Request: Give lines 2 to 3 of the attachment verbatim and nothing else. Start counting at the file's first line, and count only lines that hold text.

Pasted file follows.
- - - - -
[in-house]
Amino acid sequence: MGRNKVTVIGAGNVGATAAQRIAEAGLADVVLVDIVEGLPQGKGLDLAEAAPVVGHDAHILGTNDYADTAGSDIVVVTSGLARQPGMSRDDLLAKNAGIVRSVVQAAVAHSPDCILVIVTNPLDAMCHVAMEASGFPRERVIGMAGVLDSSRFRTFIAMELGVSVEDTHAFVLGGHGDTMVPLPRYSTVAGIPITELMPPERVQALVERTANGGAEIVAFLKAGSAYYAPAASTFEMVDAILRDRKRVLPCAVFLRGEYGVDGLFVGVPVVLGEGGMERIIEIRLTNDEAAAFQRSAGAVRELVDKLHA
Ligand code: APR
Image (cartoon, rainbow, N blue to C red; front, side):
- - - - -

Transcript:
Amino acid sequence: MGRNKVTVIGAGNVGATAAQRIAEAGLADVVLVDIVEGLPQGKGLDLAEAAPVVGHDAHILGTNDYADTAGSDIVVVTSGLARQPGMSRDDLLAKNAGIVRSVVQAAVAHSPDCILVIVTNPLDAMCHVAMEASGFPRERVIGMAGVLDSSRFRTFIAMELGVSVEDTHAFVLGGHGDTMVPLPRYSTVAGIPITELMPPERVQALVERTANGGAEIVAFLKAGSAYYAPAASTFEMVDAILRDRKRVLPCAVFLRGEYGVDGLFVGVPVVLGEGGMERIIEIRLTNDEAAAFQRSAGAVRELVDKLHA
Ligand code: APR